If you adhered to the definition you would expect a fidget toy to alleviate nervousness and impatience but that's far too narrow. Fidget toys are much the same as stress toys and it could be just a more modern name for the same thing. You know how part of marketing is to look for new ways to express concepts?

Now concentrate! When your work involves thinking in depth over a period or you're in a meeting or listening to a presentation there is no requirement to move yet we are not used to being motionlessness and feel the need to make small movements - to fidget. Apparently fidgeting can improve concentration. Many of us will take to wiggling a pen or doodle on an important document or grab any small inanimate object and animate it, typically rotating it between the fingers. The fidget toy fills that role.

What exactly is a fidget spinner?

It's an object with a central hub held between the thumb and finger and a body that is spun around the hub at a high enough speed to allow rotation inertia to create an unusual and interesting sensation like holding one of those rotational inertia gyroscope toys from time gone by.

The round central body has a mechanical bearing with very little friction at each end which acts as a counterweight during spinning, increasing inertia and allows spinning for minutes at a time. The gyro effect of the spinning gives it a spooky stability that allows you to balance it on your finger and if you are really cool you can throw from one hand to the next.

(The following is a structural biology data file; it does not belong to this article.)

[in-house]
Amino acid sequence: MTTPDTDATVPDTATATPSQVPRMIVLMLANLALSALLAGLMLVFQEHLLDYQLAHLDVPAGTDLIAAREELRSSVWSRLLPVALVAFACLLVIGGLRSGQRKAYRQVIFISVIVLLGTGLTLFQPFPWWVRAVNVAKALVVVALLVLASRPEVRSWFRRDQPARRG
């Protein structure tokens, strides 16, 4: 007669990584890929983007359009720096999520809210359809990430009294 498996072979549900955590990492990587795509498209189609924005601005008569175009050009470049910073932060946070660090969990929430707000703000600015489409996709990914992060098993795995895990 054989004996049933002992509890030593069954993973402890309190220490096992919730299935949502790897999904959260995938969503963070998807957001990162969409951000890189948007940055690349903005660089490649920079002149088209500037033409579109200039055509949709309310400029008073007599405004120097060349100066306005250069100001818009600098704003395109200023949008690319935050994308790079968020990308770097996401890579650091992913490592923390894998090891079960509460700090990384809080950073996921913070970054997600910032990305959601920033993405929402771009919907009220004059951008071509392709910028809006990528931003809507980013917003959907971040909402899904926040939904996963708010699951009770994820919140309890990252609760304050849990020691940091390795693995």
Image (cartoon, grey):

Hold the centre between two fingers and flick one of the prongs towards to the right or left and fascinate at how long it spins.

The body feels like it could spin forever because the bearing is extremely efficient being made of highly engineered ball race with components of either steel of ceramic of a combination of both. Often a steel ball race with ceramic balls is used.

The design is most often three-pronged which are sometimes called a tri-spinner or tri-bar spinner. That's the style that is most recognisable and the kind Crazy Dave has for sale. There are many other styles with two or many prongs but there has to be places where a finger can get hold so that you can give it a good spin.

The body is usually made of plastic with metal parts but it can be made from many materials and could be completely metal.

To get rotational inertia steel rings at the end of the prongs provides mass or weight at some distance from the hub and that help keep it spinning and provides the gyro effect that makes it fascinating.